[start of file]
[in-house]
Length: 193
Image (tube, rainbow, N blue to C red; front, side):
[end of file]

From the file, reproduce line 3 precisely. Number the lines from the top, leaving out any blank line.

Image (tube, rainbow, N blue to C red; front, side):